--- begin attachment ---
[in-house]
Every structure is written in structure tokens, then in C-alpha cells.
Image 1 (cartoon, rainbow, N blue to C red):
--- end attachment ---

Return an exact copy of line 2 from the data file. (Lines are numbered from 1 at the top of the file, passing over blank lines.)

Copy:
Every structure is written in structure tokens, then in C-alpha cells.